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China Auto Industry In Trouble – Classiarius Viewpoints

China Auto Industry In Trouble - Classiarius Viewpoints

The recent slowdown in China has started to impact carmakers and the potential for more weakness is growing. The fastest growing auto market for the past 30 years is now seeing a small contraction – shrinking by 4 percent in 2018 to a total number of autos at 23.8 million. The 2018 market reverse was the first time since 1990 that the auto industry in China actually shrank, and if the policy makers do not get things right, the auto industry could start to lay off workers in large numbers. 

The Chinese Central Bank injected  a record $84 billion in open market operations to boost the economy yesterday – likely more to come as an economic slowdown may already be taking place. 

One Jaguar Land Rover factory that was producing 10,000 vehicles per month is now working at half that normal capacity, and the slowdown might continue well into 2019. 

Is there overcapacity? We think there could be a lot of overcapacity. Ford invested in a $1 billion factory in North China that opened last year while Volkswagen just finished a plant that was scheduled to build 300,000 vehicles a year in Tianjin. Many automakers did not anticipate the slowdown coming and built more capacity, some now doing market research that suggests they bit off more than they can chew. This overcapacity will be the main topic of discussion in 2019 and 2020.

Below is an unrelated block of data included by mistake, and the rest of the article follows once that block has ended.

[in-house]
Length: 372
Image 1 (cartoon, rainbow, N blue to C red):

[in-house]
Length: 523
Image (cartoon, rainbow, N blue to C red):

The problems expand for GM, VW and BMW – these overseas firms are now taking in a third to a half of their global profits in China with tie-ups to local brands. So as sales decrease in China, US and European auto makers will come under pressure. Capacity utilization rates fell below 80 percent for some of these auto markers in 2018 after hitting almost 100 percent in 2014, with one firm falling to 60 percent. The auto industry could fall more in 2019 as factories start to run silent, even lower than 50 percent of capacity. And with profits so high in this industry, there could be fall out in other industries as workers have less money to spend on a wide range of products in a domino effect. 

This will be a series of article that we will use to focus on China in the coming weeks. 

Team Classiarius 


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